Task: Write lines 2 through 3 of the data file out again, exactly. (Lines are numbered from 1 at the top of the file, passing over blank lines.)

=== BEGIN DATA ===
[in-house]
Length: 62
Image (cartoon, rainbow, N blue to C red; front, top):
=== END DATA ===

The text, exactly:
Length: 62
Image (cartoon, rainbow, N blue to C red; front, top):